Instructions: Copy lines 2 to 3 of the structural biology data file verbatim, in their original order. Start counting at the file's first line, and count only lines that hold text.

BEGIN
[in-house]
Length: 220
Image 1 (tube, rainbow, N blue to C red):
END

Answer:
Length: 220
Image 1 (tube, rainbow, N blue to C red):